Four scenarios in coming six months after INF crisis
CGTN

The U.S. on Friday announced that it is withdrawing from the 1987 Intermediate-Range Nuclear Forces (INF) Treaty with Russia from February 2. 

This comes as yet another multilateral accord unilaterally dumped by the United States.  

But the withdrawal is a six-month-long process and the destiny of the 30-year-old treaty does not seem to be reaching an easy end.

What is Intermediate-Range Nuclear Forces Treaty?

Why is the US withdrawing from the INF Treaty?

Scenario 1: INF withdrawal process fails

There are doubts about whether it is legal to abrogate the INF Treaty with several questions being raised whether the withdrawal process could run smoothly and effectively as planned. 

According to the rules, the INF Treaty does not have an expiration date and the concerning countries can withdraw once they feel that the content of the treaty poses a threat to their national interests.

But many experts say Trump's decision may not come into effect without a Congressional approval since the INF Treaty is not the same as the Paris Climate Agreement or the Iran Nuclear Deal which are technically not treaties, but accords.

Scenario 2: INF revival by renegotiation 

U.S. Secretary of State Mike Pompeo said: "The U.S. will stop the pullout process if Russia returns to compliance with the agreement." But Russia responded with an ambiguous answer.

"The Russian Federation unwaveringly, consistently and unconditionally fulfills its obligations in the field of arms control, disarmament and non-proliferation," said a statement issued by the Russian foreign ministry soon after the U.S. announced its decision to suspend the INF Treaty. 

Maria Zakharova, spokesperson for the Russian foreign ministry, speaks to the media during a weekly briefing in Moscow, Russia, January 31, 2019. /VCG Photo

Maria Zakharova, spokesperson for the Russian foreign ministry, speaks to the media during a weekly briefing in Moscow, Russia, January 31, 2019. /VCG Photo

Russian state news agency RIA reported on Friday that Russia is willing to maintain a dialogue over the treaty citing remarks from the foreign ministry spokesperson Maria Zakharova. However, Zakharova denied any such comments and stressed that what she said was "reserves the right to respond" instead of "willing to talk."

Perhaps the endeavor of the international world may help to turn the tide a little. NATO Secretary-General Jens Stoltenberg said that the NATO will continue to work with Russia to get it to respect the INF Treaty. Germany and France also made similar calls to renegotiate the accord and not scrap it.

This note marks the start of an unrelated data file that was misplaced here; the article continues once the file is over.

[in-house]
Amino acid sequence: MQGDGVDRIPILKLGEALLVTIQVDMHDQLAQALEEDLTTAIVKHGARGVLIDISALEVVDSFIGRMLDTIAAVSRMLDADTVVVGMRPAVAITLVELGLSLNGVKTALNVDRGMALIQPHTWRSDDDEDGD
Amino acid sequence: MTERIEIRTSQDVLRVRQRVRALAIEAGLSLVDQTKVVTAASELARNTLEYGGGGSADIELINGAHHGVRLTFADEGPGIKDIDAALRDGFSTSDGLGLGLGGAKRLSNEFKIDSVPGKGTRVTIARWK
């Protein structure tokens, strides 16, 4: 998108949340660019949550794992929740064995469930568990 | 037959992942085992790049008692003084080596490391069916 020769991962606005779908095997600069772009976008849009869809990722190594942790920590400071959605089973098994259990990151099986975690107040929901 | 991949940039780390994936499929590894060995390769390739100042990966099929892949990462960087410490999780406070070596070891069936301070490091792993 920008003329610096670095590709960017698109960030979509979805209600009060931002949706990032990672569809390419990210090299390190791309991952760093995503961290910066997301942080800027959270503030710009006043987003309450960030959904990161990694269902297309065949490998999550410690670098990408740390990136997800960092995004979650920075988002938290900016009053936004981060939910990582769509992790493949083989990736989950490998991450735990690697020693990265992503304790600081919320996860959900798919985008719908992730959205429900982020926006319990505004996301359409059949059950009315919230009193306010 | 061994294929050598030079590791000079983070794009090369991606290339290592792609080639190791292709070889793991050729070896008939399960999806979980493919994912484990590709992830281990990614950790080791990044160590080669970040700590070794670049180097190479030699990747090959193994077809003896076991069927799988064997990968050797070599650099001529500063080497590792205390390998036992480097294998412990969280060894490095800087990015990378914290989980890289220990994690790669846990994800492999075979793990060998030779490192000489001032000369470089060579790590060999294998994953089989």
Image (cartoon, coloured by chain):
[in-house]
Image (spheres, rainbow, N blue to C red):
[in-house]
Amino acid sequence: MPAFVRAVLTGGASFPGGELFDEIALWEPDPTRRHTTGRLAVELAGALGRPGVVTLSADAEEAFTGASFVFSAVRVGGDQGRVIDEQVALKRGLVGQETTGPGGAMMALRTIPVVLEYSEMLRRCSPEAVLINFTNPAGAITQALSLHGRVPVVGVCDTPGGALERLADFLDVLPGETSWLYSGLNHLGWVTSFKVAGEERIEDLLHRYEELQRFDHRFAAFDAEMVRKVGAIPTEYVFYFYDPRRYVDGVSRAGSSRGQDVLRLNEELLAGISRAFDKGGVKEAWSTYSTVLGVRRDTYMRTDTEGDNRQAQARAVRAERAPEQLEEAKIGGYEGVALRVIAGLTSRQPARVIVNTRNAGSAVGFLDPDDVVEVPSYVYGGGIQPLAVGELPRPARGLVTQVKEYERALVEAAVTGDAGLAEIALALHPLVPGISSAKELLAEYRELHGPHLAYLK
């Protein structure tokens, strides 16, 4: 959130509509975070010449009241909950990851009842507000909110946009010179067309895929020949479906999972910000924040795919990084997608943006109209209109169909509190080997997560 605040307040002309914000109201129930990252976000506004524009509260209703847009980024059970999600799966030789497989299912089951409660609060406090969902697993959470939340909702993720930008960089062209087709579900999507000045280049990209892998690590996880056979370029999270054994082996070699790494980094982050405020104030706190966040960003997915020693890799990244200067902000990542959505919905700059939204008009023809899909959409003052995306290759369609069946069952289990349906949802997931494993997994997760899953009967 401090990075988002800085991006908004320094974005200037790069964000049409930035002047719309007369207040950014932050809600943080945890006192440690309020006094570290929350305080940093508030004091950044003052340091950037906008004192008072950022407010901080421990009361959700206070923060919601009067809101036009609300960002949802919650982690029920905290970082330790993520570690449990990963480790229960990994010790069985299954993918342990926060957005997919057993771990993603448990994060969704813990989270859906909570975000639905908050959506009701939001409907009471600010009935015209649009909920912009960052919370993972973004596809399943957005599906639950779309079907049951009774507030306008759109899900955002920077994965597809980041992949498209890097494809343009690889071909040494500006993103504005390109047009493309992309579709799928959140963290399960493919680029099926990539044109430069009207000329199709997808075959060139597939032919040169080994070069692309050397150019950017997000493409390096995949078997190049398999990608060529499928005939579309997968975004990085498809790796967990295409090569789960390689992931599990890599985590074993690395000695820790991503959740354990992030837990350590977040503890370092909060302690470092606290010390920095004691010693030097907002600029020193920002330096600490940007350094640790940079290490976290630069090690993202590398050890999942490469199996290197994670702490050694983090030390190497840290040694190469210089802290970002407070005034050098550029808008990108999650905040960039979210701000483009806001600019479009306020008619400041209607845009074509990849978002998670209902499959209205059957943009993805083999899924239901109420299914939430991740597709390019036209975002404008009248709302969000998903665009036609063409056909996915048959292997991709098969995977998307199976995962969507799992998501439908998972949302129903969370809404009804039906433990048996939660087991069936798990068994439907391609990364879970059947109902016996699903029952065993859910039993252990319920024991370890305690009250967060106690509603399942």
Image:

Scenario 3: A new 'INF' edition

Trump said on Friday he wants to hold talks aimed at creating a new arms control treaty, after his administration announced the withdrawal order.

"I hope that we're able to get everybody in a big and beautiful room and do a new treaty that would be much better. Certainly, I would like to see that," Trump told reporters at the White House.

Reuters reported that the U.S. may consider extending a "New Start" arms control treaty, which went into effect in 2011 and required both nations to cut deployed strategic nuclear warheads to no more than 1,550, the lowest level in decades.

An image shows the United States' armed UAVs at a briefing for military attaches and international media by the Russian Defense Ministry at the Patriot Congress and Exhibition Centre in Kubinka, Moscow Region, on the 9M729 missile system, January 23, 2019. /VCG Photo

An image shows the United States' armed UAVs at a briefing for military attaches and international media by the Russian Defense Ministry at the Patriot Congress and Exhibition Centre in Kubinka, Moscow Region, on the 9M729 missile system, January 23, 2019. /VCG Photo

That treaty, which also limits deployed land and submarine-based missiles and nuclear-capable bombers, expires in February 2021 and can be extended by five years if both sides agree.

Scenario 4: Arms race triggered

The biggest fear about the termination of the INF Treaty is whether it will trigger an arms race. 

"So for some years to come there won't be a real arms race, because the U.S. has nothing to deploy, I mean no missiles that fall under the treaty and are deployed on land," Pavel Felgenhauer, a Russian military analyst, told CGTN.

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Felgenhauer added that Russia can deploy, but most likely will not just yet since it does not want to get the Europeans too angry. 

Analysts believe that an arms race will not begin immediately after the treaty is legally declared null and void. 

(Cover: The 9M729 missile demonstrated after a briefing for military attaches and international media by the Russian Defense Ministry at the Patriot Congress and Exhibition Center in Kubinka, Moscow Region, on the 9M729 missile system, January 23, 2019. /VCG Photo)